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The Management of Primary Pulmonary Hypertension

Harold I. Palevsky, MD; Alfred P. Fishman, MD
JAMA. 1991;265(8):1014-1020. doi:10.1001/jama.1991.03460080084038.
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Primary pulmonary hypertension is a clinical syndrome characterized by pulmonary hypertension in the absence of sufficient underlying cardiac, parenchymal pulmonary, or systemic disease to account for it. The population of patients with primary pulmonary hypertension is a heterogeneous one, both clinically and histologically. As the etiologic mechanisms are unknown, therapy is directed toward the consequences of the pulmonary vascular process. Oxygen supplementation, the use of digoxin and diuretics for symptomatic heart failure, and anticoagulation all may have a role in treating primary pulmonary hypertension, although vasodilator therapy has been the main area of investigation. Screening for vasodilator responsiveness, defining a favorable vasodilator effect, predicting long-term effectiveness, and deciding who to treat have all been controversial. New approaches, such as use of high-dose calcium channel-blocking agents and continuous intravenous infusion of prostacyclin (an investigational agent), have recently been proposed. When medical therapies are exhausted, heart-lung or lung transplantation has increasingly become an option for selected patients.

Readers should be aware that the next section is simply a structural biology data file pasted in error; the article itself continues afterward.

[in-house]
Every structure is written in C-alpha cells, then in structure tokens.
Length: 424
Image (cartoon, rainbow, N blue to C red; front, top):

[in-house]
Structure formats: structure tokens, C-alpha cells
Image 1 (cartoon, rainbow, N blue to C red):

(JAMA. 1991;265:1014-1020)


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